WordsMatter on March 27, 2012 at 3:28 PM

Mittbots are funny.

angryed on March 27, 2012 at 2:50 PM

You RDS folks are even funnier, because you keep having to Lie about the guy’s record as MA Governor.

Del Dolemonte on March 27, 2012 at 3:29 PM

And the problem for the right is that if the mandate is struck down and the left is motivated in the 2012 election, it would actually motivate me to work for the Democrats

libfreeordie on March 27, 2012 at 1:37 PM

You found a job you can do from your couch. We’re terrified.

Chuck Schick on March 27, 2012 at 3:33 PM

People, if you believe our own principles..; have the right to freedom of choice.. the right to make up their own minds, according to their own conscience

Give me a break. Freedom of choice isn’t freedom from consequence.
People can decide whatever they want, but just because they have the freedom to do that doesn’t mean they are above criticism, nor does it make that criticism any less true. If you choose a path that allows Obama to get re-elected, you are part of the problem. Having the freedom to be an idiot doesn’t absolve you of that guilt.

xblade on March 27, 2012 at 3:34 PM

I just listened to the entire oral arguments today and am NOT encouraged. Roberts seems to buy into the argument that everyone is already in the healthcare market so Congress is within its power to regulate it. He did not seem to see the distinction between regulating commerce and compelling someone to enter commerce, except for the fact that there are those who will not use maternity or pediatric care who are being compelled to purchase the coverage of it. I am not encouraged at all.

txmomof6 on March 27, 2012 at 3:34 PM

What a great day. I hope the tea-leaf readers are right on this one.

LASue on March 27, 2012 at 3:34 PM

Womb to tomb coverage with all the efficiency of the DMV.

Happy Nomad on March 27, 2012 at 1:14 PM

And their slogan? “We help you get there faster!”

dominigan on March 27, 2012 at 3:35 PM

Actually, something entirely different might happen when health insurance companies go out of business. The whole new class of insurance enterprise may emerge, possibly as an offspring of home-insurance business, that deals exclusively with a predefined set of catastrophic health events. Due to their narrow coverage scope, state and federal governments will find it much harder to regulate them to death. Eventually, such enterprises will outlast indemnity and HMO bureaucratic dinosaurs and become what health insurance should have become in the first place.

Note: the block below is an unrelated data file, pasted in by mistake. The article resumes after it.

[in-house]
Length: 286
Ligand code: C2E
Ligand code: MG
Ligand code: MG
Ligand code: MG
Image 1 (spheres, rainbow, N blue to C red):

Archivarix on March 27, 2012 at 2:18 PM

Absolutely correct. People should be able to purchase reasonably priced insurance for catastrophic medical events, much like car insurance. Car insurance doesn’t cover oil changes, and neither should health insurance. People should have to pay $50 for a doctor’s appointment — that’s reasonable and it will put limits on those folks who head to the doctor every time they sneeze, because, after all, it’s free! Serious injury or illness should not bankrupt anyone, but at the same time, routine health care services should have market prices and doctors should be in competition to produce the best care at the best prices. The same goes for prescriptions. Why should insurance companies have to pay for prescriptions that come in under $20 or so? It’s ridiculous. It’s been ridiculous for a long, long time. If insurance companies stop paying for over-priced routine care and prescriptions, the prices will come down. It’s that simple.

I just listened to the entire oral arguments today and am NOT encouraged. Roberts seems to buy into the argument that everyone is already in the healthcare market so Congress is within its power to regulate it. He did not seem to see the distinction between regulating commerce and compelling someone to enter commerce, except for the fact that there are those who will not use maternity or pediatric care who are being compelled to purchase the coverage of it. I am not encouraged at all.

txmomof6 on March 27, 2012 at 3:34 PM

Yes. Roberts is the wild card here, not Kennedy. Roberts likes him some big government, much more so than Kennedy does.

Rational Thought on March 27, 2012 at 3:41 PM

please please please please PLEASE let it be so.

minnesoter on March 27, 2012 at 3:43 PM